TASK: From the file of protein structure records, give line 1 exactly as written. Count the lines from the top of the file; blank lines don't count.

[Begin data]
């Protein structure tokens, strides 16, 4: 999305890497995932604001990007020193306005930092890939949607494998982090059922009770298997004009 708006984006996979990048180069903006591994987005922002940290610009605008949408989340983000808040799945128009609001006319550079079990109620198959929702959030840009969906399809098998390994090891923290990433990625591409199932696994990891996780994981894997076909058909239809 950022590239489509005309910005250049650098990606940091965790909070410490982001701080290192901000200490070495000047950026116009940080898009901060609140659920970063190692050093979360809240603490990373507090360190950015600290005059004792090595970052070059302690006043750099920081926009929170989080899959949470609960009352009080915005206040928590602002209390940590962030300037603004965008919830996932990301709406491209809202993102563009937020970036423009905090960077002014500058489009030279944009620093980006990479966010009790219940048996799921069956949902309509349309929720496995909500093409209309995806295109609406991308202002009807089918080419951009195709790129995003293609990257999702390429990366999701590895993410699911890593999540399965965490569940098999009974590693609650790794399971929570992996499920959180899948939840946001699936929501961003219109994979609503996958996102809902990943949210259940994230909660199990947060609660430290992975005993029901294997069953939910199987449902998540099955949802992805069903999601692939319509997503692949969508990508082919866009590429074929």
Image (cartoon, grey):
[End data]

């Protein structure tokens, strides 16, 4: 999305890497995932604001990007020193306005930092890939949607494998982090059922009770298997004009 708006984006996979990048180069903006591994987005922002940290610009605008949408989340983000808040799945128009609001006319550079079990109620198959929702959030840009969906399809098998390994090891923290990433990625591409199932696994990891996780994981894997076909058909239809 950022590239489509005309910005250049650098990606940091965790909070410490982001701080290192901000200490070495000047950026116009940080898009901060609140659920970063190692050093979360809240603490990373507090360190950015600290005059004792090595970052070059302690006043750099920081926009929170989080899959949470609960009352009080915005206040928590602002209390940590962030300037603004965008919830996932990301709406491209809202993102563009937020970036423009905090960077002014500058489009030279944009620093980006990479966010009790219940048996799921069956949902309509349309929720496995909500093409209309995806295109609406991308202002009807089918080419951009195709790129995003293609990257999702390429990366999701590895993410699911890593999540399965965490569940098999009974590693609650790794399971929570992996499920959180899948939840946001699936929501961003219109994979609503996958996102809902990943949210259940994230909660199990947060609660430290992975005993029901294997069953939910199987449902998540099955949802992805069903999601692939319509997503692949969508990508082919866009590429074929």